Museum fears new bridge at Sheffield's Kelham Island may attract 'vandalism, break-ins and thefts'

A museum has called for CCTV to be installed in Kelham Island if plans for a new bridge are approved.
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Sheffield Museums Trust says it is supportive of plans for a 20m cycle and footbridge over the River Don, which would slope away from the Green Lane Works and cross diagonally towards Kelham Island Museum.

But it’s worried the bridge may attract vandalism, break-ins and thefts.

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It says: “Kelham Island Museum houses Sheffield Council’s collection of industrial heritage and has a number of valuable assets.

An artists' impression of the new bridge.An artists' impression of the new bridge.
An artists' impression of the new bridge.

“Security for the Kelham Island site and the collection it houses are a top priority and we have concerns that greater pedestrian access in such a quiet and private area may result in either damage to the historic buildings, such as graffiti, or the potential for break-ins or theft from the collection.

“We feel this could be mitigated by enhancing CCTV security in the area and so would ask that as part of this development, CCTV to be installed to protect the museum linked to the existing museums security monitoring systems.”

The Trust is also concerned about traffic, adding: “The bridge exits onto the Island on to a narrow road and any impingement on the road area would mean that larger vehicles such as waste lorries and school coaches may not be able to access the end of the Island.”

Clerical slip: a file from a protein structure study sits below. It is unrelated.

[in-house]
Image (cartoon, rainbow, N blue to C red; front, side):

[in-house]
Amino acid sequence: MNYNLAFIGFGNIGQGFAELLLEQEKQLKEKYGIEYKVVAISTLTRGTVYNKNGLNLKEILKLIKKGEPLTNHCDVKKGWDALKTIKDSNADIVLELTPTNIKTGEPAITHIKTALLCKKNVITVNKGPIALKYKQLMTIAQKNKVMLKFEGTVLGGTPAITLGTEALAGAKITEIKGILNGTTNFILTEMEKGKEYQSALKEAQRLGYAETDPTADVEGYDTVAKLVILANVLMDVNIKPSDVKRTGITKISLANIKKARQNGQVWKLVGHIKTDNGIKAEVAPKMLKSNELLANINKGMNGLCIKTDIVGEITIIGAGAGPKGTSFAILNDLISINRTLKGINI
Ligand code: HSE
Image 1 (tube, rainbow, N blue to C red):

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The Upper Don Walk Trust has submitted the bridge plans and says the development of Green Lane Works will open up new pedestrian routes through the development.

These would connect via the new bridge to the lower section of the Upper Don Walk adjacent to the Museum.

The new route will provide pedestrians and cyclists a safer and more accessible route from Ball Street to the Museum, as well as providing views of the refurbished Green Lane Works.

The bridge concept is based on origami with folded corten metal plates which form the structure. The central section of the steel deck would be perforated to provide the opportunity for names to be engraved.

Planning officers are considering the application, which can be viewed here